Jesus teaches his disciples to pray. What does this mean? It means that prayer is by no means an obvious or natural activity. It is the expression of a universal human instinct, but that does not justify it in the sight of God. Even where prayer is cultivated with discipline and perseverance it can still be profitless and void of God’s blessing. The disciples are permitted to pray because Jesus tells them they may—and he knows the Father. He promises that God will hear them. That is to say, the disciples pray only because they are followers of Christ and have fellowship with him. Only those who, like them, adhere to Jesus have access to the Father though him. All Christian prayer is directed to God though a Mediator, and not even prayer affords direct access to the Father. Only through Jesus Christ can we find the Father in prayer. Christian prayer presupposes faith, that is, adherence to Christ. He is the one and only Mediator of our prayers. We pray at his command, and to that word Christian prayer is always bound.
We pray to God because we believe in him through Jesus Christ; that is to say, our prayer can never be an entreaty to God, for we have no need to come before him in that way. We are privileged to know that he knows our needs before we ask him. This is what gives Christian prayers its boundless confidence and its joyous certainty. It matters little what form of prayer we adopt or how many words we use, what matters is the faith which lays hold of God and touches the heart of the Father who knew us long before we came to him.
Genuine prayer is never “good works,” an exercise or a pious attitude, but it is always the prayer of a child to a Father. Hence it is never given to self-display, whether before God, ourselves, or other people. If God were ignorant of our needs, we should have to think our beforehand how we should tell him about them, what we should tell him, and whether we should tell him or not. Thus faith, which is the mainspring of Christian prayer, excludes all reflection and premeditation.
Prayer is the supreme instance of the hidden character of the Christian life. It is the antithesis of self-display. When men pray, they have ceased to know themselves, and know only God whom they call upon. Prayer does not aim at any direct effect on the world; it is addressed to God alone, and is therefore the perfect example of undemonstrative action. (pp. 162-163)
Sunday, July 7, 2013
Here is a quote from Jerry Walls' book Heaven: The Logic of Total Transformation. (2002, Oxford University Press)
…[T]he notion of heaven and its attendant doctrine of divine judgment represents the ultimate account of a human telos imaginable. The final aim of life is to share the life and fellowship of the Trinity. This requires a thorough moral and spiritual transformation that embraces all that we are. Thus, the hope of heaven entails lifelong accountability. Nothing is outside the pale of God’s transforming grace. Our life as a whole must be reordered. Our past actions, including those that were wrong and self-centered, must be reevaluated in light of God’s will and purpose for our lives, and much must be repented of. The future direction of our lives must be ordered by God’s will as well. We are no longer our own, and all of our plans and aspirations must be sifted and weighed by our aim of being eternally united with God.
All of this involves the belief that there is a truth about what makes for a good life, a life of true happiness and flourishing that fulfills our divinely given nature and achieves the human telos. Heaven, fellowship with the Trinity, is thus not viewed as a mere personal preference that may be reasonably rejected in favor of another end. Rather, it is the end for which all human beings were created. We are all accountable to God for the gifts and grace he has given us. We cannot truthfully view our lives as our own. There is a truth about our past and how we should have lived. Likewise, there is a truth about how we should live in the future and what we should pursue. We cannot with integrity focus our future efforts on living a life of self-centered pleasure or other false ultimate goods. The hope of heaven requires a thoroughgoing reorientation that leaves nothing untouched. There is no other way to enter into the loving relationship with God for which we were created. (p 107)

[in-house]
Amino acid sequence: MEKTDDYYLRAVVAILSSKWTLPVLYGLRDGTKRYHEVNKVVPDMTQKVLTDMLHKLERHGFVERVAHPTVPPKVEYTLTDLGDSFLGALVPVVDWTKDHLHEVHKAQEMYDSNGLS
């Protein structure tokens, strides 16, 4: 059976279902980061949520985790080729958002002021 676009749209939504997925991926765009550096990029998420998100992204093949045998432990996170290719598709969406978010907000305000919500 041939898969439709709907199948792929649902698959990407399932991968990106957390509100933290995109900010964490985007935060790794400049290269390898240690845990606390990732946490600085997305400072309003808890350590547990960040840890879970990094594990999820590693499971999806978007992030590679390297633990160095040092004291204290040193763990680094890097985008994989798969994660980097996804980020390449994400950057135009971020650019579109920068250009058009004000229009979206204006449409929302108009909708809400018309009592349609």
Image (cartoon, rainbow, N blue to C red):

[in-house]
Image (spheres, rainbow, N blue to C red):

Thursday, July 4, 2013
Happy Independence Day!
*This is the official site*
IN CONGRESS, July 4, 1776.
The unanimous Declaration of the thirteen united States of America,
When in the Course of human events, it becomes necessary for one people to dissolve the political bands which have connected them with another, and to assume among the powers of the earth, the separate and equal station to which the Laws of Nature and of Nature's God entitle them, a decent respect to the opinions of mankind requires that they should declare the causes which impel them to the separation.
We hold these truths to be self-evident, that all men are created equal, that they are endowed by their Creator with certain unalienable Rights, that among these are Life, Liberty and the pursuit of Happiness.--That to secure these rights, Governments are instituted among Men, deriving their just powers from the consent of the governed, --That whenever any Form of Government becomes destructive of these ends, it is the Right of the People to alter or to abolish it, and to institute new Government, laying its foundation on such principles and organizing its powers in such form, as to them shall seem most likely to effect their Safety and Happiness. Prudence, indeed, will dictate that Governments long established should not be changed for light and transient causes; and accordingly all experience hath shewn, that mankind are more disposed to suffer, while evils are sufferable, than to right themselves by abolishing the forms to which they are accustomed. But when a long train of abuses and usurpations, pursuing invariably the same Object evinces a design to reduce them under absolute Despotism, it is their right, it is their duty, to throw off such Government, and to provide new Guards for their future security.--Such has been the patient sufferance of these Colonies; and such is now the necessity which constrains them to alter their former Systems of Government. The history of the present King of Great Britain is a history of repeated injuries and usurpations, all having in direct object the establishment of an absolute Tyranny over these States. To prove this, let Facts be submitted to a candid world.